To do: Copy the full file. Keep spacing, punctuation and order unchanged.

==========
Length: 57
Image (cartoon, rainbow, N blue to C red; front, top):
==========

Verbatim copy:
Length: 57
Image (cartoon, rainbow, N blue to C red; front, top):